Every high-performing salesperson is focused on the same thing: closing deals with new vendors as often as possible.
For the most part, winning business is easier said than done. By following this seven-step strategy, you can increase your chances of closing more deals and taking your organization to the next level.
Step 1: Start with a Calibrated Question™.
When you’re sitting down at the table with a potential new client, kick off the conversation with a Calibrated Question™. For example, you might ask: What does your vision for a partnership look like? or How do you see us being able to assist your business?
Remember, one of our Laws of Negotiation Gravity is "Vision Drives Decision". If they don’t have a vision when you hit them with these questions, it’s a red flag that indicates you’re unlikely to get a deal.
Step 2: Follow up with Labels™ and Mirrors™.
After they respond to your Calibrated Question, follow up with Labels™ and Mirrors™ to gather additional information and uncover hidden sentiments. Using Labels and Mirrors, you can figure out your counterpart’s pain points and understand what they’re currently doing and why it’s not working.
Step 3: Ask a Proof of Life™ question.
At this point, it’s time to ask a Proof of Life™ question: Out of all the companies that could help you, why are you considering us?
Your counterpart’s response to this question makes all the difference in the world. If they speak your value proposition for you, it carries a ton of weight—far more than if it came out of your mouth.
On the other hand, if they say something like, I was hoping you could tell me, the deal is on shakier ground. Use Labels if that happens: It sounds like you’re not ready to commit to us. This is likely a time where you'll have to give some of your pitch. i.e. explaining why clients do business with you.
Step 4: Provide a Summary™.
Now, it’s time to use a Summary™ and summarize the conversation as thoroughly as possible so that the other side has no choice but to respond with these two magic words: “That’s Right”™.
Once that happens, it’s an epiphany moment that brings both sides together. Everything you’ve said is so good that the counterpart feels you understand them completely, setting the stage for trust-based influence.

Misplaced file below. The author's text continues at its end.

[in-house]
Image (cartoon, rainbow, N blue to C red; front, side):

Step 5: Make your sales pitch.
Now, for lack of a better term, it’s time to make your sales pitch. Tell them how your organization can solve their problems based on everything that’s been discussed. If any objections come up, handle them with Labels and Mirrors.
Step 6: Use the Rule of 3.
Your sales pitch has been effective, and it appears there’s a deal to be made. Congratulations! But your work isn’t done yet.
Use the Rule of 3 to get your counterpart to agree on what the next steps will look like at least three times. For example, you might ask What do the next steps in this process look like for you? Again, use Labels and Mirrors to respond: It sounds like next Tuesday would be a great day to finalize the contract. If they agree, say something like If I don’t hear back from you by end of day Tuesday, what should the next steps be?
You want the other side to fully commit to how things will progress after you get off the phone with them. Without using the Rule of 3, you're a lot more likely to get ghosted.
Step 7: End on a high note.
You won’t end up doing business with everyone you get on the phone with. When it looks like things aren’t going your way, you can always resort to a last-ditch Label: It sounds like there’s nothing I can do to get you to change your mind.
If that doesn’t work and there’s still no deal to be had, be sure to end on a high note. Tell your counterpart you’ve enjoyed speaking with them, you appreciate their time, and that if the opportunity presented itself in the future, you would love to work with them.
After all, the last impression is the lasting impression. End on a high note, and your counterpart will think highly of you, making a future deal much more possible.